Tuesday, September 25, 2012

A tile shower installation- Time lapsed video/explanation

How to tile a shower in 48 seconds! Ah wouldn't that be nice but in reality it took a bit longer.
This will give you a great overview of the process though from sealing the cement board to wiping the tile clean.

Now for a bit of the explanations behind the process.

Here you can see the cement board and the coating is a waterproof membrane that is rolled on. It's a bit of extra security and peace of mind.

This pre-made shower niche was added by cutting into the cement board exactly where it would go and once that was done the edges were sealed with caulk to ensure against future leaks.

I had already planned out the tile layout so the next part was to actually start setting the tile.

Thin set and subway tile

As I worked my way up we then came to the layer of glass tile, which actually came in a sheet and which we cut in half for the bottom and top layers.
Glass tile in a shower

Then the addition pattern was set and the second layer of glass tile will be added above.

Tile pattern in a shower

Then the additional layers of tile are added, let to sit overnight and the grout is applied.

Tile installation complete for a shower

The grout is applied and then smoothed over as an initial cleanup with a damp sponge and allowed to sit again overnight. 
Applying grout

The final clean up with again a  damp sponge.
Tile clean up, damp sponging

The finished product!

That's the basics of tiling a shower and I do have to apologize for the yellow color in the photos. This was done as the project took place and not under showroom settings without professional lighting and such. Hopefully it will give you a good idea of what goes into tiling a bathroom shower and wouldn't it be nice if it could be really done in 48 seconds!

Tuesday, September 18, 2012

Step Up to Spanish Tile | September 2012

Project Pick:
Hand-Painted Spanish Ceramic Tile Risers

Hand-Painted Spanish Ceramic Tile Risers

Avente's Spanish Tiles are beautifully hand-painted in a variety of colors and patterns on ceramic bisque using time-honored techniques.

Using the Majolica technique of glazing, our Hand-Painted Spanish Ceramic Tile designs include colorful patterns from the different regions of Spain, or the traditional blue and white found in the New Iberica border tiles and liners.

The Majolica technique utilizes an opaque white tin-based glaze that is ideal for vibrant, colorful patterns and designs for ceramics. The centuries-old technique is believed to have originated in 9th century Mesopotamia with the desire to imitate the white porcelain wares coming from China. Over time, and with the spread of Islam, the art made its way through to Northern Africa, and to what is now known as Spain, Italy, The Netherlands and the United Kingdom.

Within our hand-painted Spanish ceramic tile collection, you'.ll find craftsmanship and fine examples of the traditional Majolica ceramic method, such as those used for this Spanish stair riser project:


Alcala Spanish Ceramic Tile

Additional Majolica-Based Patterns







Tile Tip

Our hand-painted Spanish ceramic tile designs include borders, corners, large decorative tiles, and accent dots. Use the 3"x6" tiles to create a border, or make a bold design statement using the 2" dots in a row. The 1" dots, used as an accent to a floor inset, are a fitting complement to a backsplash consisting of 6"x6" tiles of the same design. These versatile collections, with their stunning colors, create a timeless look that blend well with hand-painted Spanish Field Ceramic Tile, which were created specifically to complement the subtle color schemes found in our Hand-Painted Spanish Ceramic Tile line. Use these tiles for kitchens, bathrooms, warm weather pools and fountains. For more inspiration, check out Spanish Style Stair Risers, Spanish Tiles on an Entry Path, and Spanish Tile on Stair Risers.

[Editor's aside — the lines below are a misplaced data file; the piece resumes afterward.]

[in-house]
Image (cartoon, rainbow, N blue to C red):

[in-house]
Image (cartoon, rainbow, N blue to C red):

Considering Spanish ceramic tile for your next project? Then let us help you find some inspiration. Visit our Ceramic Tile Design Ideas section.

See our Spanish Tiles

Where would you use hand-painted Spanish ceramic tiles? What pattern would you choose?

Tuesday, September 11, 2012

Cement Tiles Trend Toward Bold Patterns & Colors

Earlier this year I did a guest post for the Gold Notes blog called, Tile Trends from Coverings 2012. I reported that I was seeing a trend to use texture, color, and geometric patterns in tile. I'm excited about this trend because I like to see color and pattern embraced in design. Today I'll show a few examples of how that prediction is growing - based on the samples and installations we've been working on. Cement tiles have been extremely popular this this year and I want to show you how color and pattern are being used. Look at some of the samples we recently shipped.
Melilla Cement Tile
Melilla Cement Tile
The Melilla Cement Tile use nine colors in this bold warm palette with a playful Latin feel. Our Montecristi pattern uses five colors here including: White, Antique Ivory, Gray, Indian Red, Peach Puff.
Montecristi Cement Tile
Montecristi Cement Tile
I love the bright Indigo inset with the warm Tibetan Gold in Geo 8 – the simple pattern reminiscent of ceramic tiles and is great for breakfast nook or patio.
Geometric Pattern 08 Cement Tile
Geo 8 Cement Tile
Cement tiles in strong patterns in a black and white or black/white/gray colorway are also popular. Neiba Cement Tile illustrates how a clean pattern in "basic black and white" creates a floor with a focal point in an easy-to-use and flexible palette. Try using an accent color like red to really make the design pop!
Neiba Cement Tile
Neiba Cement Tile